Amoeblog

my love of the love of diagrams

Posted by Brad Schelden, April 11, 2007 05:09pm | Post a Comment
also out this week...

the full length album by the Love of Diagrams "Mosaic."
I love this album! Ever since I first heard their ep a couple of months ago, I have been obsessed. And patiently waiting for the release of the full length. While this is their first album out in the US, they have one previous in their native Australia, "The Target is You."  But it is all about Mosaic.

Love of Diagrams have been around since 2001, but are finally making their way to a US audience. The band is made up of two awesome ladies, Monika Fikerle and Antonia Sellbach, and one dude, Luke Horton. I don't know what it is, but I love bands with both dudes and ladies singing back and forth at each other. It just makes the songs more interesting by combining two different perspectives.

You can easily mistake them for a late 70s/early 80s no wave band. They have the post punk sound of similar bands like Erase Errata. Bands like these often do not hide their influences, it seems to have gotten to a point where bands are torn apart for being too obvious with their influences. But I really think it has almost reached a point where everything has been done. Every band name has been taken and every sound reinvented. But I don't really care about any of this.

Love of Diagrams simply makes me wanna dance and gets me more excited than most bands have the ability to do. It 's the kind of album I want to start over before it's even finished the first time. They have a great raw energy on this album, similar to early Siouxsie albums. You seriously need to go check out this album. You can always start with the ep, if you a scared to commit to an entire album.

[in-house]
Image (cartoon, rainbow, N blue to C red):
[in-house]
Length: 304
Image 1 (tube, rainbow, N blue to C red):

Sloe Poke - LA's Resident DJ

Posted by Gomez Comes Alive!, April 11, 2007 11:47am | Post a Comment

There are three things you need to know about DJ Sloe Poke: 1. He doesn’t mess around with any of the artsy stuff. 2. You won’t hear him tactlessly scratching and 3. He goes to a club to rock it.
 
What makes Sloe Poke one of L.A. ’s best DJ’s is that he can spin several styles of music with ease. Sloe Poke attributes his skills to the years of spinning for people with diverse tastes, ages and cultures. Most DJ’s can spin two or three different genres of music but get lost when it comes to Latin music. This is where Sloe Poke excels. He’s the kind of DJ that can entice the older generation to go out on the dance floor and put a younger crowd to shame. He can mix a Salsa classic like Joe Arroyo’s “Rebelion” with Celso Pina’s Sonidero hit, “Cumbia Sobre El Rio,” then follow those songs with Thalia’s poppy, “Piel Morena” and Frankie Cutlass’ club fave, “Puerto Rico,” making it all flow together somehow.


Because of Sloe Poke’s range, he can spin almost anywhere in the city. Besides being a resident DJ at places like Little Temple and the Rhythm Lounge, he spins at clubs like Sonido, playing Dub, Dancehall & Lover’s Rock. At the Root Down on Thursday nights he plays funk alongside some of L.A. ’s best funk DJ’s. At ¡DESCARGA! Sloe Poke keeps the floor moving with Salsa, Merengue & Cumbia. When he’s DJing at The House of Blues in San Diego, he compliments whatever act is headlining. He has opened for shows as diverse as Mos Def, David Lee Roth, Yellowman & Jaguares. It really doesn’t matter who or what genre Sloe Poke is spinning for -- he always has the perfect mix.